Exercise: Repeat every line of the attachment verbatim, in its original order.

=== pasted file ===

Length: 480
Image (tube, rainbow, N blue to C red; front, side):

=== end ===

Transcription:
Length: 480
Image (tube, rainbow, N blue to C red; front, side):